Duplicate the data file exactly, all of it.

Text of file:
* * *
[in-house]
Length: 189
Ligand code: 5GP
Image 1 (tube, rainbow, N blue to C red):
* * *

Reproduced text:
[in-house]
Length: 189
Ligand code: 5GP
Image 1 (tube, rainbow, N blue to C red):